Updated: Jul 30, 2021
I’m rather a fan of chocolate. White chocolate, milk chocolate, don’t worry not mint chocolate I’m not a barbarian!
So a chocolate related koan for you.
“You get a tin of celebrations chocolates (You take out the bounty’s because no-one wants those) and a tin of Quality Street. You empty the quality street tin, by whichever method you fancy (chances are... you eat them), and into the now-empty quality street tin you place the celebrations and close the lid. Inside do you have the same chocolates?”
Even Romeo had opinions on the matter:
“What's in a name? That which we call a rose by any other name would smell as sweet”
I can honestly say that almost no question makes me die a little inside more than, what style do you do? It is like the most important thing about the sum of your training is which stances are most common in your kata.
The truth: there is only you and your training. There is only Karate. Two arms, Two legs, 1 head. You have trained and are prepared or you are not.
The very origins of style is paradoxical. For those who train to preserve a style “exactly” as it was taught by their teacher all they are really doing is allowing the art to stagnate and eventually decay. Consider Hironori Otsuka, the founder of Wado Ryu Karate. This was in fact the first “style” that I learnt, but I haven’t ever tried to preserve the Wado Ryu I learnt in the exact image of anyone else, in fact I’m just following the example Otsuka set, to train your own way. Otsuka didn’t try to preserve Karate in the way of his teacher. Otsuka studied Shindo Yoshin Ryu Jujitsu before ever beginning karate with Gichin Funakoshi. He then only studied with Funakoshi for a comparatively short period of time and the eventual split from the as-yet-unnamed Shotokan style was a direct result of Otsuka combining all that he knew. He valued the partner work and footwork from his Jujitsu and so it would be only natural to absorb this within his new skillset from Karate. The eventual result, what we now describe as Wado Ryu Karate.
This, therefore, leads me to conclude that to say I practice Wado Ryu is synonymous with saying I practice to imitate Otsuka. Unfortunately, it is a mathematical certainty that to merely imitate will lead to progressively poorer performance. Imagine that Otsuka’s most direct student learnt 99% perfectly what Otsuka knew and passed this on to his next student who again tried to imitate but again probably wont reach more than 99% imitation (of course 99% is a bold over estimate, however, works as best case scenario). This is now at best a 2% decrease, I think you get the idea where I’m going with this...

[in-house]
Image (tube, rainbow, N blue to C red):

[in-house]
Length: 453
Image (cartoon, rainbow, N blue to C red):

This cycle will inevitably lead to loss of knowledge and so it is essential to seek knowledge from numerous point sources. The simple truth is that there is no reason in training the same as Otsuka, because …
… wait for it…
… your not Otsuka! Nor should you want to be. Jigoro Kano is an example of someone who understood the journey well. He studied different schools of Jujitsu to form the essence of his Judo curriculum. He was innovator because where he identified weaknesses, such as the defeat of Tobari to Mataemon Tanabe of the Fusen ryu, utilising ne waza (groundfighting), Kano looked to absorb the ne waza of Tanabe into Kodokan Judo.
In my mind the highest Authority on such a matter was the great Miyamoto Musashi, who in his Book of Five Rings explicitly describes how upon the mastery of your own initial style you must look outward at others to evaluate your technique and ultimately grow. This was the one bit of advice that has been universal from my teachers…
“Listen and learn as much as you can, absorb what is good, discard what is bad” Although they all had different ways of articulating this truth, at its essence, it is the same. Keep all that is useful and that you find to be efficient.
It is important to initially stick to one methodology because of the nature of Shu Ha Ri. If you start to try and learn everything before you’ve learnt one thing, you wont be successful. Eventually, as you move through the stages of Shu Ha Ri, you will need to expand. In fact, the best teachers encourage it. Consider the journey of Motokatsu Inoue, who if you are not familiar with, was the Founder of the Ryukyu Kobujutsu Hozon Shinko Kai and taught Yui Shin Kai Karate. His first teacher was Seiko Fujita, who eventually after several years of training wanted Inoue to become adept at all martial arts so encouraged him to train with Yasuhiro Konishi who then subsequently introduced him to Shinken Taira.
All of these great teachers recognised the importance of putting the student at the heart of their own journey, teaching all that they could to those who trained with commitment and then encouraging them to grow more; both as martial artists and individuals. Often when teachers limit you to a style and don’t encourage you to look outside it, it is out of a sense of insecurity and is almost never in the interests of the student but rather in the interests of the teacher.
The issue of styles can be extended still further into even more infuriating “that’s not Karate, that’s Judo/that’s not Judo that’s Jujitsu/that’s not aikido it’s origami!” camp. (Perhaps a separate rant for a separate day ;) )
We come back to same chocolates, different box. So what style do I do? To me, whilst it is important to study many methodology’s, there is only one Bujutsu and it should lead to a style entirely your own.
"There are many paths of the top of the mountain but once there the view is always the same."